A vessel was mooring in a river port, in a smaller basin area than originally planned.
A barge was moored alongside a terminal within the turning radius of the vessel.
The vessel’s port quarter grazed the starboard bow of the barge at 0.1 knots.
The vessel was not extensively damaged, but the estimated cost for repairing the barge was around USD350,000.
Why did it happen?
When the original plan changed, the pilot perceived the risk as tolerable.
Original plan was to turn in a larger basin further up the river. Vessel was required to turn in a smaller turning basin to save time and avoid traffic.
- Estimated turning area was 290m (950ft) across.
- Barge was 17m (55ft) wide and the vessel was 244m (800ft) long.
- This left a small margin of 29 metres.
Risk was not assessed or challenged by the bridge team.
- Complacency – the team performed this manoeuvre before successfully, so perceived it as safe to perform.
- Inadequate supervision – misjudgement of vessel movement, external forces (wind, current) and of the clearance to the barge.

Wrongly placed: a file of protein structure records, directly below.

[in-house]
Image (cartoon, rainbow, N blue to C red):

What did they learn?
Avoid turning where there is only marginally enough room.
Ensure good communication between pilot and mooring teams, particularly on turning ranges to the shore/bank and other moored vessels.
Bridge team should be fully aware of vessel manoeuvring characteristics and inform the pilot accordingly.
Ask yourself or your crew
Have you ever been involved in an incident like this?
What is considered a ‘tolerable’ risk in mooring operations?
How does our vessel pilot communicate with the bridge teams? What can we do to improve communication?
How can you challenge workers that perform activities in an unsafe manner?
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A vessel was turning in a river port. There was a barge moored alongside a terminal within the turning radius of the vessel and the vessel’s grazed the starboard bow of the barge.